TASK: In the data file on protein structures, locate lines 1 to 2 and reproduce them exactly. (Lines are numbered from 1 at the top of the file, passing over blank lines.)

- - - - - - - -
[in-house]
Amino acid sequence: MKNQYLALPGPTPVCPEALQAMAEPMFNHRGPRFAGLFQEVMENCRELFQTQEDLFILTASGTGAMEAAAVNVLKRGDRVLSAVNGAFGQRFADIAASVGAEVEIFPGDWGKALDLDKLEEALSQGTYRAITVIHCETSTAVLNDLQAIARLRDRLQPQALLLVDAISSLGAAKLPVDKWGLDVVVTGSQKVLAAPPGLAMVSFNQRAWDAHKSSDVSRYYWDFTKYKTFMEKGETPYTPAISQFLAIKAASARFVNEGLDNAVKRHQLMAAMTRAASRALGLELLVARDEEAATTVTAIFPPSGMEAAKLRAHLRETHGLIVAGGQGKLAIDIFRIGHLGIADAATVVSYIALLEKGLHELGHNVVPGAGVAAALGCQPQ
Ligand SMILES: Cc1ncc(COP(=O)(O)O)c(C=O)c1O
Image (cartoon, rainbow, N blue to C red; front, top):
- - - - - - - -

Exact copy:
[in-house]
Amino acid sequence: MKNQYLALPGPTPVCPEALQAMAEPMFNHRGPRFAGLFQEVMENCRELFQTQEDLFILTASGTGAMEAAAVNVLKRGDRVLSAVNGAFGQRFADIAASVGAEVEIFPGDWGKALDLDKLEEALSQGTYRAITVIHCETSTAVLNDLQAIARLRDRLQPQALLLVDAISSLGAAKLPVDKWGLDVVVTGSQKVLAAPPGLAMVSFNQRAWDAHKSSDVSRYYWDFTKYKTFMEKGETPYTPAISQFLAIKAASARFVNEGLDNAVKRHQLMAAMTRAASRALGLELLVARDEEAATTVTAIFPPSGMEAAKLRAHLRETHGLIVAGGQGKLAIDIFRIGHLGIADAATVVSYIALLEKGLHELGHNVVPGAGVAAALGCQPQ